Faldo's got a 'funny feeling' Norman can pull off epic British Open win

SOUTHPORT, England -- Through scarves, mittens and throats made raw from the biting breeze, they stood and cheered the most unlikely of leaders as he made his way to the home hole Saturday at Royal Birkdale.

Greg Norman then calmly and coolly pitched the prettiest little shot you ever saw to within inches of the cup to assure his place atop the 137th Open Championship leaderboard through three rounds, eliciting more roars from the frozen fans, some of whom waved an Australian flag that whipped in the wind.

Standing behind the green taking it all in was The Shark's onetime rival and now perhaps his biggest fan, Nick Faldo, a three-time Open champion who -- if he wasn't clapping -- was doing a little dance inside.

"You think anybody could have dreamed of this?" Faldo said after the numbers went up on the board, which showed Norman shooting a 2-over 72 in brutal conditions to lead defending Open champion Padraig Harrington and K.J. Choi by 2 strokes.

"He looks amazingly composed. We saw what it was like out there today, but to hold your composure on Day 3 with these elements is seriously good self-belief," Faldo said. "Why make Day 4 seem different?

"Everyone else is grinding and spitting out fescue grass. And he's cruising."

Norman, 53, is in position to become the oldest major championship winner -- by five years. And this is the first time since the 1996 Masters he will go into the final round of a major with the lead.

Augusta National, of course, was the site of his epic collapse against Faldo, who shot a flawless 67 on the final day to overcome a 6-stroke deficit, aided by Norman's implosion and a 78.

Faldo needed no prompting to discuss that delicate topic.

"We all know where he was the last time he had the lead at a major after 54 holes," Faldo said. "If he can claw his way back 12 years after what happened in Augusta, wow, that would be phenomenal."

This time, there won't be a 6-stroke lead, but perhaps also missing is the expectation that Norman should win. After local bookmaker Ladbrokes had him at 250-1 to start the week, Norman's odds have shrunk to 4-1, along with Choi's. Harrington, however, is considered the favorite at 5-2.

That makes sense, when you consider Norman plays more tennis with his new bride, Chris Evert, than he does golf. He admittedly came to England with no expectations. His main goal was to get ready for next week's British Senior Open at Royal Troon in Scotland and the U.S. Senior Open later this month.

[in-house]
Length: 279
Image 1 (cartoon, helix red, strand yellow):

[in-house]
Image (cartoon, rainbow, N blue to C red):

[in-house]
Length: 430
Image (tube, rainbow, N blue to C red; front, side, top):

It is a far different scenario from Norman's prime, when he was the game's marquee attraction, expected to win every time he teed up. For all the talk about Norman's disappointments in majors, he continued to be there often, winning two Open Championships and finishing runner-up in the game's biggest tournaments eight times.

"It is different, no question," Norman said. "The players are probably saying, 'My God, what's he doing up there?' But they know I've played golf before and I've played successful golf before."

Harrington, 36, who won last year's Open in a playoff over Sergio Garcia, is ranked 14th in the world and in the prime of his career. He also shot 72 on a day when nobody broke par, a first in a major championship since the final round of the 2004 U.S. Open at Shinnecock.

Choi, 37, has emerged as one of the game's top players, rising to 11th in the world this year. He has seven PGA Tour victories but has never finished better than third in a major. He would become the first Asian player to win a men's major championship. Choi shot 75 to drop from the second-round lead and marveled at what he saw in Norman.

"He's very imaginative, more imaginative than me," Choi said.

"As you get older," Faldo added, "you don't have to do so much. You don't have to be so clever. You play with what you've got. Don't get funny. He's been very impressive. Very good touch, especially on some testy greens. How come he still has the putting stroke at 53? Where is the fairness in life?"

Faldo, like many, struggled to come to grips with the magnitude of what a Norman victory would mean.

"With all that has gone on. … Tiger [Woods] not here, all the talk about that. Greg comes in here. … It's not like Greg to sneak in under the radar. You'd love to know what the little voice inside his head was saying at the beginning of the week."

According to Norman, it wasn't saying much of anything. And he tried to maintain his low-expectation approach, though he holds a 2-shot lead in the game's oldest tournament.

"I haven't been there for a long time," he said.

Faldo was there with Norman many times, including the 1990 Open at St. Andrews, where he dusted The Shark with a third-round 67 after they shared the 36-hole lead. But in 1993, Norman won his second Open, coming from behind with a final-round 64 at Royal St. George's to clip Faldo by 2 strokes.

Now, 15 years later, Norman is back again, a day away from what would surely go down as one of golf's greatest victories.

Can he do it?

"I've got a funny feeling he can," Faldo said.

Bob Harig covers golf for ESPN.com. He can be reached at BobHarig@gmail.com.